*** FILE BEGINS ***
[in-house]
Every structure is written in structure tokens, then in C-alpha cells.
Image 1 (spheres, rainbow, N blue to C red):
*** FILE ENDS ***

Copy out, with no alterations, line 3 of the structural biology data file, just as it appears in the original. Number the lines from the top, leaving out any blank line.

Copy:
Image 1 (spheres, rainbow, N blue to C red):